# How do you find #lim (3+u^(-1/2)+u^-1)/(2+4u^(-1/2))# as #u->0^+# using l'Hospital's Rule?

l"Hospital's Rule is neither needed nor helpful for this limit.

We no longer get an indeterminate form, so we cannot use (and have no need for) l'Hospital's Rule.

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To find the limit as ( u ) approaches ( 0^+ ) using L'Hôpital's Rule, we'll differentiate the numerator and the denominator with respect to ( u ) separately.

[ \lim_{u \to 0^+} \frac{3+u^{-1/2}+u^{-1}}{2+4u^{-1/2}} ]

First, differentiate the numerator and the denominator:

[ f(u) = 3 + u^{-1/2} + u^{-1} ] [ f'(u) = -\frac{1}{2}u^{-3/2} - u^{-2} ]

[ g(u) = 2 + 4u^{-1/2} ] [ g'(u) = -2u^{-3/2} ]

Now, apply L'Hôpital's Rule:

[ \lim_{u \to 0^+} \frac{f'(u)}{g'(u)} = \lim_{u \to 0^+} \frac{-\frac{1}{2}u^{-3/2} - u^{-2}}{-2u^{-3/2}} ]

[ = \lim_{u \to 0^+} \frac{-\frac{1}{2}u^{-3/2} - u^{-2}}{-2u^{-3/2}} ]

[ = \lim_{u \to 0^+} \frac{-\frac{1}{2} - u^{-1/2}}{-2} ]

[ = -\frac{1}{2} ]

So, the limit as ( u ) approaches ( 0^+ ) is ( -\frac{1}{2} ).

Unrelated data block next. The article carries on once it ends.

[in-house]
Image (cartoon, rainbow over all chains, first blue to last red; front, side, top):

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When evaluating a one-sided limit, you need to be careful when a quantity is approaching zero since its sign is different depending on which way it is approaching zero from. Let us look at some examples.

When evaluating a one-sided limit, you need to be careful when a quantity is approaching zero since its sign is different depending on which way it is approaching zero from. Let us look at some examples.

When evaluating a one-sided limit, you need to be careful when a quantity is approaching zero since its sign is different depending on which way it is approaching zero from. Let us look at some examples.

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